When Debbie Kiely said her wedding vows, she never dreamed she would lose her husband before they reached retirement age. But when Michael was diagnosed with a terminal illness in 2018, she was told he only had a few months to live. Making a difficult decision, she chose not to tell him he didn't have long left. Here, she explains why...
Kissing my new husband as our horse-drawn carriage pulled away from the church, blissful happiness washed over me. It was June 1986 and Michael and I had just promised to love each other for the rest of our lives. ‘Even when I’m old and wrinkly?’ Michael, then 24, joked as we waved to our guests. ‘Of course,’ I beamed.
Michael was tall and handsome, we’d met on a night out in Birmingham six years earlier. After our wedding, we moved into our own little place and in May 1988, our son, Jason, came along. Michael was delighted to have a mini-me. ‘He’s my little champ,’ he’d laugh. Our daughter, Hannah, was born in 1990, followed by Stacey, in 1992, and Michael treated his girls like princesses.
Michael and I worked hard, him at a power plant and me as a hairstylist, to make sure the kids had everything they wanted. Life was stressful, but we were a team. Once the kids moved out, we were looking forward to retiring so we could do a bit of travelling. But in 2013, my mum was diagnosed with dementia and our plans were put on hold while we helped organise her care.
Still, we had time to celebrate our 30th wedding anniversary with a garden party in June 2016, and the following May our daughter, Hannah, then 27, got engaged. Michael was so proud and was looking forward to the big day, set for June 2019.
But as the months went by, Michael began to display strange behaviour. He became withdrawn and tired, often forgetting why he’d walked into a room. I put it down to his stressful job, but by the beginning of 2017, he began to distance himself from friends. ‘I just can’t be bothered to talk to them,’ he said when I questioned him. I was worried, but I tried not to think about it too much. I was busy with work, too, and we were getting older.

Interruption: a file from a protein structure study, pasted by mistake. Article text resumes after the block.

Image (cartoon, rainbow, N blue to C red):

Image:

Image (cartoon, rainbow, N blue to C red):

In July 2017, we wanted to downsize and so moved into a bungalow. After we’d spent days unpacking, Michael turned to me with a perplexed look on his face, ‘When are we going home then?’ he asked. Confused, I told him this was our home and told him to get some rest, assuming he was tired. But he could never remember where the bathroom was, or even the front door.
Days later, I booked an appointment with a doctor and as a precaution, Michael was sent for brain scans. I tried not to worry, but two weeks later, we were referred to a neurologist. Even in this time, Michael had become more distant and never seemed to take in a word I was saying, like he was in a daze.
‘I believe Michael is suffering from sporadic Creutzfeldt-Jakob disease (CJD),’ the neurologist said at the appointment. I recognised the name CJD from the news – but Michael couldn’t have ‘mad cow disease’, surely?
‘There are four different types of CJD. Sporadic CJD is the human form, caused by random mutations of genes and is nothing to do with affected meat,’ the consultant explained, ‘A lumbar puncture to test his spinal fluid will confirm it.’ Michael, distracted by something on the wall, wasn’t even listening.